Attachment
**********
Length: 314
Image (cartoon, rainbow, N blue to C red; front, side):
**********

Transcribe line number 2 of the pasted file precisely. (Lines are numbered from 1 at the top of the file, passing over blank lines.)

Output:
Image (cartoon, rainbow, N blue to C red; front, side):